Biden administration has finalized $1.1 billion in credits dedicated to maintaining the operation of PG&E Corp's (PCG.N) Diablo Canyon nuclear power plant in California, as announced by the Department of Energy on Wednesday.
The allocated funds are part of the $6 billion Civil Nuclear Credit Program, established through the bipartisan infrastructure law in 2021. Aimed at aiding existing nuclear power plants, the program aligns with the administration's commitment to combating climate change and achieving 100% clean electricity by 2035.
Scheduled for 2025, the first payment of awards under the program is designated for Diablo Canyon, California's final nuclear plant. The Energy Department notes that the plant's two reactors contribute 9% of the state's power generation. Originally slated for closure in 2024 and 2025, the extension of Diablo Canyon's operational life underscores its role in ensuring reliable energy for homes and businesses across the country, according to Maria Robinson, Director of the Grid Deployment Office at the Department of Energy.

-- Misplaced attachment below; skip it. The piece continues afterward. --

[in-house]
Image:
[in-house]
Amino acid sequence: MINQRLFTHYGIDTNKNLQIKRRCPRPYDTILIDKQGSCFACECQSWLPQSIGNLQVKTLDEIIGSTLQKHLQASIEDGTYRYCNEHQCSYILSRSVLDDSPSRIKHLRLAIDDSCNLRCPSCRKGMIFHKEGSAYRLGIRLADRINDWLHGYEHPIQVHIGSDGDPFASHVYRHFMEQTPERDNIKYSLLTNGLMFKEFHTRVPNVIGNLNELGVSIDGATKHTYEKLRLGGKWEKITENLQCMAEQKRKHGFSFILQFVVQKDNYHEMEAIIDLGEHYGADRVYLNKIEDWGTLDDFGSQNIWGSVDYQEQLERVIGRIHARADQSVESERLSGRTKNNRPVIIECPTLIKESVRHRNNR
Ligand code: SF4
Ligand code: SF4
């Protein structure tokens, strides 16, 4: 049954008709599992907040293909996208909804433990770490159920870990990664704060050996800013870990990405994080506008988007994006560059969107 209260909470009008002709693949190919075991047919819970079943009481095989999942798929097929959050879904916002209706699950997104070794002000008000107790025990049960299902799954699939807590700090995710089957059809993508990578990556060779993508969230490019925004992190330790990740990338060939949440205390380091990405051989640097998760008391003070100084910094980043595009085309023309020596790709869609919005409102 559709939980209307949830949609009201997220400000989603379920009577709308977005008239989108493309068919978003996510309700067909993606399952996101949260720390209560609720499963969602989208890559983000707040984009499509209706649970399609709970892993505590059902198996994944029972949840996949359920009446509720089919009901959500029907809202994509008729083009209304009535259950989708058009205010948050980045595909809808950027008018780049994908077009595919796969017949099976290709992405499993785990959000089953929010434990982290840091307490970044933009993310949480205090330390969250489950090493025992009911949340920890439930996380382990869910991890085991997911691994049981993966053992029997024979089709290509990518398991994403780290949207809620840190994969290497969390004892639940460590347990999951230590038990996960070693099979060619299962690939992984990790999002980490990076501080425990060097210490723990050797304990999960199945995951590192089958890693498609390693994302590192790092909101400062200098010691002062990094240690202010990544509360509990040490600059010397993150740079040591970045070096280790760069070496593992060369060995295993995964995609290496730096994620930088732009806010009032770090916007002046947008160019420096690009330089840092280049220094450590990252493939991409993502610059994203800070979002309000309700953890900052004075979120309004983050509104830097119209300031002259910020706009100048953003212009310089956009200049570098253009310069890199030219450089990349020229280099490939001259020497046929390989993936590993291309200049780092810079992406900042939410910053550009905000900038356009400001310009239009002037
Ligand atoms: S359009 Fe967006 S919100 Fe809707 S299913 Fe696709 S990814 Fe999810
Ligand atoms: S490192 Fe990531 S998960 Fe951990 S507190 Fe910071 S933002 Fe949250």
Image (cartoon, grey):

However, the decision to extend the life of nuclear plants faces opposition, with critics pointing out the lack of a permanent solution for storing toxic, radioactive waste. Environmental group Friends of the Earth has filed a lawsuit against the U.S. Nuclear Regulatory Commission, challenging the continued operation of Diablo Canyon while the review of its operating license renewal is underway.
The U.S. nuclear power industry has grappled with challenges such as rising safety and material costs, competition with renewable energy sources, and natural gas plants. Since 2012, over a dozen U.S. reactors have shut down, reflecting the complex landscape and considerations surrounding the future of nuclear power in the country.